Researchers at the National Research Foundation of Korea report on Sunday that they have identified a new microRNA molecule that suppresses a gene, which previous research had identified as playing a crucial role in lung cancer development. If the present findings are refined, it may be possible to diagnose lung cancer in the future based on this genetic marker. MicroRNAs constitute a recently discovered class of non-coding RNAs that play key roles in the regulation of gene expression. Acting at the post-transcriptional level, these fascinating molecules may fine-tune the expression of as much as 30% of all mammalian protein-encoding genes. Their aberrant expression may be involved in human diseases, including cancer,…

Anatomy, Biology, Health & Medicine, News

Old organ regenerated to youthful state in elderly mice using gene manipulation

mouse age reversal

The popular myth of the fountain of youth tells the story of a magical spring that restores youth to anyone who drinks from it. Scientists working with longevity research have made important strides forward in recent years, however all of these efforts concentrate on prolonging life and slowing the effects old age has on the body, not reversing them. A breakthrough by researchers at University of Edinburgh may cause a paradigm shift in regenerative medicine after an old organ in elderly mice was regenerated into a youthful state, simply by manipulating a single gene. The thymus is a specialized organ in the immune system. The functions of the thymus are…


Ending decades of controversy, researchers find histological evidence for the existence of the G-spot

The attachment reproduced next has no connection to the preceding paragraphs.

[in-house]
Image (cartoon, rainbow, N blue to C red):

It’s one of the more… delicate issues of science and anatomy, and amidst lots of contradicting personal testimonies and surprisingly little scientific evidence, the G-Spot remains a topic of hot debate. In other words, some claimed it exists, some claimed it’s all a fairytale, but there was no “hard evidence” – one way or another. Now, researchers have finally found histological evidence that the Gräfenberg spot actually exists – in other words, they found the tissue. The study itself isn’t very appealing – they focused the research on eight female cadavers and conducted vaginal wall dissections and ultimately G-spot microdissections. The anatomical existence of the G-spot was identified in all…

Anatomy, Biology, Health & Medicine, News

Most advanced lab-grown muscle can self-heal, mouse implant shows

Strands of engineered muscle fiber, stained different colors to observe growth after implantation into a mouse. Duke University

Heralded as one of the biggest advances in the field, scientists at Duke University have engineered muscle tissue that is up to ten times stronger than anything previously achieved. The muscle can contract similarly to native neonatal skeleton muscle and, most importantly, it demonstrates self-healing ability – again, just like the real thing. To demonstrate their work, the researchers also implanted the muscles in bionic mice and followed the muscle fibers as they grew through a window on the back of the living animal. “The muscle we have made represents an important advance for the field,” said Nenad Bursac, associate professor of biomedical engineering at Duke. “It’s the first time…

Anatomy, Health & Medicine, News

First complete cranium replacement performed using 3D printing


Many herald 3-D printing as a new wave set to revolutionize manufacturing in the 21 century. I fully agree in most respects, however the benefits medicine can achieve through this technology haven’t been stressed enough, maybe. There’s a pen that 3-d prints bone directly on lesion sites, 3d printed skin or prosthetic. It’s the field of medical implants, however, where 3d printing is proving to become a game changer. For instance, surgeons in Holland recently replaced the cranium of 22 year-old woman with a custom built synthetic version that fits the patient perfectly – a procedure otherwise extremely difficult if not impossible to perform. The woman from a rare form of…